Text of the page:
MAYVILLE - The status of the Chautauqua Lake Management Commission is strong.
That was Lyle Hajdu's message to county lawmakers at the legislature's regular August business meeting.
Hajdu is the chairman of the CLMC and updated the body on the commission's progress in 2012, highlighting new members and projects undertaken.
Lyle Hajdu, chairman of the Chautauqua Lake Management Commission, addresses the County Legislature in this photo from the body’s Aug. 24 meeting.
P-J photo by Nicholas L. Dean
"We added the Chautauqua County Soil and Water Conservation District represented by Dave Wilson," Hajdu said.
"We also added the Conewango Creek Watershed Association ... Soil and Water is an obvious fit because everything we're doing is soil and water and Dave Wilson has been involved in our group since the beginning," Hajdu continued. "The Conewango Creek Watershed Association is our neighbors downstream."
Local water quality and use has an impact on others, Hajdu pointed out by highlighting the Conewango Creek Watershed Association's participation. Additionally, by linking with Conewango Creek Watershed Association and other organizations, Hajdu said the CLMC can seek additional funding for the tasks and projects which it undertakes.
FIXING WHAT'S WRONG
Weeds and algae, while the original impetus for the creation of the CLMC, are still an issue of concern in the lake.
"You asked us when you created our commission to do two things, figure out what's wrong and then to report back how to fix it," Hajdu said. "And we did that. We achieved that vision and we came in front of this legislature in the spring with the Chautauqua Lake Watershed Management Plan. That does precisely that. It tells you what's wrong and how to fix it."
The good news, Hajdu said, is that now that officials have their bearings and are pointed in the right direction, they're ready to begin work. The bad news though, he explained, is that with such limited funding, only baby steps can be taken to achieve the CLMC's goals.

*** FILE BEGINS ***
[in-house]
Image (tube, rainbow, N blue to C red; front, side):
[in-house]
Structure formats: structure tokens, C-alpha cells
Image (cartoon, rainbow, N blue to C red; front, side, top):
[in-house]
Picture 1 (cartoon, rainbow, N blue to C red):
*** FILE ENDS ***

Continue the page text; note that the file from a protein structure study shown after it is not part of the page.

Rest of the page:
"I can tell you that we have squeezed as much as we can possibly squeeze out of a volunteer organization," Hajdu said. "We have picked all the low-hanging fruit that's on the tree and we have lifted up all the light boxes, but there are other bigger projects that are coming in years two or three ahead that are going to require significantly more resources than what we presently have available."
Hajdu and the county's former watershed coordinator, Rick Constantino, presented the Chautauqua Lake Watershed Management Plan to the legislature late last year. This year marked year one of the five-year plan, with 12 of the 14 municipalities in the watersheds around the lake recently signing a compact to implement the plan.
The CLMC's biggest achievement in 2011, Hajdu said, was the creation of the compact which county and local officials recently signed.
The biggest disappointment remains the fact that there is still not an in-lake plan like the one developed for Chautauqua Lake's watersheds.
"What we have is the Watershed Management Plan and it will help the lake, but all of the recommendations are from the shoreline up into the watershed," Hajdu said. "One of the first and primary recommendations under this plan was to develop a separate lake plan which is called a Submerged Aquatic Vegetation Plan."
With the Watershed Management Plan, Hajdu said, recommendations are made from the shoreline up - meaning future harm is being addressed. However, it's the weeds and algae already in the lake that so many people want to see something done about.
"When we talk about addressing it in the short term," Hajdu said, "you can't even begin talking about it until you get approval from the Department of Environmental Conservation, and the DEC don't give you approval until you have a plan and we're at that point now where we're trying to develop a plan, but we don't have enough money to do it.
"I close my remarks," Hajdu continued, "by letting you know we're working very hard but we do need your help. We've got some very heavy boxes to lift, primarily that Lake Management Plan and I would argue that one of our most precious natural and economic resources is Chautauqua Lake and I would urge you to do everything within your power to protect our lake for our children and future generations."
STUDYING THE SITUATION
Legislature Chairman Fred Croscut, R-Sherman, questioned Hajdu on why an in-lake study now has to be done when the county has been studying the issue for so many years.
"We have studied it too damn long," he said.
Hajdu told Croscut he agreed and explained that studies aren't done because individuals involved locally want to do them, but because they are required to do them.
"I can tell you that it is as simple as this," Hajdu said. "If you want to do something in the lake, we'll give you five options. You can do nothing, you can look at mechanical harvesting, you can look at chemical treatment, you can look at biological - the little critters, the herbivores that eat it. Or you can do these other things that they call physical treatments, which are too complicated even to talk about. Those are your options.
"In order to do it, you need permission from DEC," Hajdu said. "DEC will not give you their blessing unless you have a plan and not just a plan but a plan that has passed the environmental review."